The Band, “King Harvest” from The Band (1969): Across the Great Divide

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“King Harvest,” the unforgettably sad tale of a besieged farmer, begins not with a scene-setting declaration, but with a quiet sense of forboding — one that returns for its out-of-time chorus, a last, utterly brilliant feint from a group that, to this point, seemed to know no rules.

By the time our narrator — driven to the edge of foreclosure by dry spells and bad luck — makes a statement of solidarity with the union, “King Harvest” has (in the tradition of the very best Robbie Robertson storylines) already turned every expectation on its head. Lead vocalist Richard Manuel, who’s joined by Levon Helm for those purple-clouded choruses, spends the rest of “King Harvest” explaining away the decision — even as he resigns himself to the next mishap, be that weather or otherwise.

In an age of florid psychedelia, nothing about this song fit the norm: “I could relate to farmers in the Depression getting together in unions better than I could relate to going to San Francisco and putting flowers in your hair,” Robertson once said. “People hear about the present every day; they see it on TV all day long. To write songs about that seems to me a waste of time. So, the way I get the most effect out of something is to come in from another door.”

Manuel approaches the lyric with a desolate grief, becoming the very embodiment of someone trying to make the right call, to divine just where to go, and knowing that any misstep could spell certain doom for his farm and for his family. And the music, as complex as it is perfectly attenuated, both echoes and amplifies the grower’s terrifying predicament.

Listen to Helm’s rustle on the cymbals, like the winds of change as they rush across the empty fields. Later, his stick comes down with the force of a sudden exclamation point, signalling an end as final as the inexorable shifting of seasons. All the rest of the Band does is put together perhaps their most completely realized single performance ever: Rick Danko performs with a jazzman’s sense of space on the bass, Garth Hudson is by turns atmospheric and then chuggling at the organ, and Robertson offers what remains his best conceived guitar solo.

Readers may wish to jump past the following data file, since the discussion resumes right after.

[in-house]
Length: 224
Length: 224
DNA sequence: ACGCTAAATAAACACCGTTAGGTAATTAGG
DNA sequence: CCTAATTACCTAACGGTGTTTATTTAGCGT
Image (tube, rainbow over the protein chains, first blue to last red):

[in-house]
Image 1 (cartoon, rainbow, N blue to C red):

Together, they push back, they let things go, they pull in close — moving with what can only be called a collaborative wonder as Manuel voices this bruising tale of Grapes of Wrath-style economic desperation. I must have heard this song a thousand times, maybe more, and it never ceases to amaze. In some ways, it seems to encompass everything that makes the Band such an ineffably unique thing, such a rich source of lasting mystery, of musical ambition and of frank emotion.

Helm, writing in This Wheel’s On Fire, summed up the place that “King Harvest” occupies — both as the closing song for The Band, and within their larger discography: “It was like: There, that’s the Band.”

Unfortunately, it would not hold.

Robertson has said that the Band considered calling this album Harvest — and as “the crowning fruition of a career that had spanned almost a decade” (to borrow Greil Marcus’ phrase in Mystery Train) that title certainly rings true. If the Band never put out anything as consistently brilliant, as sweepingly influential, as complex and yet of a piece as it did over the span of Music from Big Pink and The Band, it wasn’t because they’d used up so much energy in getting started. These initial two albums were, in fact, the culmination of a lengthy journey.

Things would get rockier, and a whole lot stranger, just around the bend: “As we went out into the world — left our mountain hideaway — the unit that we had been all those years,” Robertson mused, “started to break apart.”

Nick DeRiso

Nick DeRiso

Nick DeRiso has written for USA Today, American Songwriter, All About Jazz, and a host of others. Honored as columnist of the year five times by the Associated Press, Louisiana Press Association and Louisiana Sports Writers Association, he oversaw a daily section named Top 10 in the U.S. by the AP before co-founding Something Else! Nick is now associate editor of Ultimate Classic Rock.
Nick DeRiso
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